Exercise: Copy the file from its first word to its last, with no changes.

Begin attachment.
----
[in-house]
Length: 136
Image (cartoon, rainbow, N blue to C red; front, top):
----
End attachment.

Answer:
[in-house]
Length: 136
Image (cartoon, rainbow, N blue to C red; front, top):